“How’s the ride up there?” I asked.  He said it was fairly smooth.  He was heading south, so he had been fighting this headwind the whole way, but he said he could barely feel any turbulence.  Thanking him, I headed over to my refueled Warrior and took to the air.  My no-flaps takeoff roll was nonetheless short, and I had to dance a little on the pedals to stay coordinated as I made the turn to downwind and picked up 40 kts in a few seconds.  Tuned into the Redding VOR and D->RDD on the GPS, I blasted up I-5 at an indicated 120kts and a ground speed of about 145kts.  This was with me throttled back, too, so it was quite a ride.  Occasional gusts would give me a little ‘push’, but I had a nice margin on my IAS so it just felt like bumps.

Closing in on Redding a few minutes later, I looked ahead and decided the weather forecasts were either optimistic about the Shasta Corridor or that I was just getting too conservative in my old age, so I called into the tower and set up for landing.  One thing really caught my attention and that was the increased radius of my turn from downwind to final!  I had planned ahead, I thought, but it was obvious I had underestimated the energy expenditure of that 180, so my pattern was a little pot-bellied.

Landed no flaps, I still managed to make the first turnout, then it was over to the Jet Center to check out weather again and do some real thinking.  It was becoming clear that my usual Siskiyou pass route wasn’t going to work.  There were low ceilings developing, and I knew this wind would set up a real teeth smasher in the I-5 canyon, so I needed an alternate.  I checked out the weather radar and saw that it was better if I headed east, so I spent some time in Google Earth checking out some routes before finally deciding.  I would fly RDD-089 (Fall Rivers Mill)->LMT Klamath Falls.

I carefully taxied out, did a careful run-up, then took off into the 20kt headwind.  I made the careful 180 again then screamed across the countryside towards Burney Mountain.  As I turned east, my ground speed dropped from 150kts to an almost lethargic 130kts, and I climbed joyously into the clear air (well, clear below a 10,000 foot overcast I guess) and reveled in the freedom of being able to maneuver.  As I closed in on the ridges, I thought about the incredible mountain-wave and vortexes these winds might be creating, so I stayed high and steered clear of them on their downwind sides.

Breaking free of the Valley, the weather immediately improved…  then got choppy.  As I turned direct towards Klamath Falls from 40 miles out, I tried to radio a turbulence PIREP to Flightwatch, but they weren’t able to hear me or I them, so I contented myself with actively trying to avoid chipping a tooth each time I was slammed up and down in the cabin.

It smoothed out as I entered their Class D airspace and my landing was nice and smooth.  One notch of flaps this time, and still, made the first turnout.  I was starting to notice a trend…

I decided to take a little break and get an updated weather picture, plus there were some friends in Klamath I wanted to see, so I spent an hour hanging out and watching the Wx.  Finally, it was time to head out, so I jumped back into the cockpit took off.  As I was holding short of the runway, the tower was talking to a commuter that was coming in to land the opposite direction on the same runway.  He asked me if I was ready to go, and I was.  “Cherokee 33139, winds 160 at 5, cleared for immediate take off runway 14.  Start your left turn as soon as possible.”  Acknowledging, I took to the runway and took up.  I climbed a couple hundred feet before turning crosswind.  As I did, I looked over and saw the tower was right next to the runway and I could have legitimately started my turn early enough to fly by.  Keying up, I said “Shucks, looks like I missed my one chance to actually buzz a tower!”  After a moment, the controller radioed back with a chuckle: “Yep, you did.”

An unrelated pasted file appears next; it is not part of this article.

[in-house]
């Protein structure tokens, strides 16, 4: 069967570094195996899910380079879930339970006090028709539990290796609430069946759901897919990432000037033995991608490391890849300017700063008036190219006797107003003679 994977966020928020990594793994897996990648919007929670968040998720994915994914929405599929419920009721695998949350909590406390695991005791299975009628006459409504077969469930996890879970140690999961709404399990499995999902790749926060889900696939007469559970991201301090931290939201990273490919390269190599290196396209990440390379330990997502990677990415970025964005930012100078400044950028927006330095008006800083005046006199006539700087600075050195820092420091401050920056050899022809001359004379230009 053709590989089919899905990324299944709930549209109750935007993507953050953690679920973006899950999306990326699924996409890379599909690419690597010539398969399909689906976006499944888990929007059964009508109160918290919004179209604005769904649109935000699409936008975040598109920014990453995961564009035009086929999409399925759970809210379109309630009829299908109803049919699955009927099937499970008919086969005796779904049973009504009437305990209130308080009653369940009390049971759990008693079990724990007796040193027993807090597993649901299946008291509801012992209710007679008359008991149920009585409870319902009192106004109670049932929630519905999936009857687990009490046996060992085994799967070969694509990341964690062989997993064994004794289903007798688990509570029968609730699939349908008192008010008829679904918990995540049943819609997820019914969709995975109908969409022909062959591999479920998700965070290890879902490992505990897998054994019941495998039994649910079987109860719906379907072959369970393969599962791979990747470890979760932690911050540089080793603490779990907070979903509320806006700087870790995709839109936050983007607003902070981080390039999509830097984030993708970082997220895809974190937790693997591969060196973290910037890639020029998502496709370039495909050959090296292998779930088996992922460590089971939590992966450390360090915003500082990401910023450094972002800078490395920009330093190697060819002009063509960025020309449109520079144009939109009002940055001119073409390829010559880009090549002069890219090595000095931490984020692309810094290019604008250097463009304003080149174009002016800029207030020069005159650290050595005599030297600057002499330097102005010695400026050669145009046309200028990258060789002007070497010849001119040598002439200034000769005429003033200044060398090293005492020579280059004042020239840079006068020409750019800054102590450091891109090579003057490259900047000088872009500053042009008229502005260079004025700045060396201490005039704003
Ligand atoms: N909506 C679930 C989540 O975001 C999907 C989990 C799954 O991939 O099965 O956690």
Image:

I headed north across Klamath Lake.  There weren’t any weather stations ahead, but the radar looked promising so I flew on up, getting bounced around a bit over the water for some reason.  Snapped some pics and then hit a little rain.  Checking the outside temperature, I saw that it was almost zero, so I immediately chopped the throttle to descend to warmer air to pick up a safety margin against icing.  Once or twice as I was descending, I saw a couple of tiny white spots on the wing.  No actual ice, but it looked like a couple of water droplets had hit the wing and exploded….  then parts of them had stuck.  That’s as close to ice as I want to get, so I watched them closely as I descended.  outside temperature rose to a couple degrees, but now I knew I had to make a decision.  The route I had chosen would take me just outside the Crater Lake wilderness area and would require a climb from where I was now.  Looking ahead about 10 miles, I could see the rain continuing, the clouds dropping, and the ground rising until everything met.  I clucked to myself, then did another 180.

Turn turn fly away,
live to fly another day.

I pulled up weather on my iPhone using the fantastic AeroWeather app and contemplated routing back through Klamath to Medford then up I-5, but the only station in that valley between them described some iffy weather, so I flew back to Klamath and landed just as it started to rain in earnest.  My friends picked me up and took me to their home and gave me a nice place to sleep, then I was out the door at 6:00 Sunday morning and grabbing a weather briefing.  It didn’t sound to good, so I started to think an Amtrak exit might be best for now.  I thanked the briefer and hung up, then walked out to meet my taxi.  A few minutes later, I was looking up at the sky and seeing big patches of blue, so I called back for an abbreviated briefing.  “Say”, I started after giving him my tail number.  “What can you tell me about weather north of Eugene?  Any holes or big breaks in coverage I might be able to use”?

It was the same guy I had talked to, and he gave me the bad news.  No good openings, there was an AIRMET for icing to 25,000′, and the Eugene area looked cruddy.  “The train it is.  Heck, it was worth a shot considering this clearing sky above me, but it sounds like I can do this flight another day.”  He offhandedly responded with “I think you made the right decision the first time”, and I had to agree.  It gnawed at me a little, but years ago I decided to stick to weather abort decisions, so I got onto the train.

10 minutes out of the station, it became obvious that I had chosen correctly.  The mountains were in the clag, the blue spot over Klamath Falls was stuck in one tiny spot and closing, and every direction I looked, it was a mess.  We quickly transitioned from rain to snow then worse, and I have a small album of pictures to prove it.

I’ll probably grab a train back to Klamath in a few days when it’s nicer.  “Time to spare, go by air” and all, but it’s still an adventure I’ll always remember.  It might not feel glorious or anything, but I know I picked up some good experience that will serve me in the future.

Plus, who knows?  Maybe next year I’ll actually be able to go camping.  🙂

PS: I wrote the above while on the train.  Now that I’m back in Eugene, there are big chunks of blue sky above.  I found myself second guessing my weather abort, but then I gave myself a mental slap on the cheek.  “Ben”, I scolded myself, “I’d rather be thinking about how I might have been able to make it than discovering that I definitely can’t”.

– Ben Hallert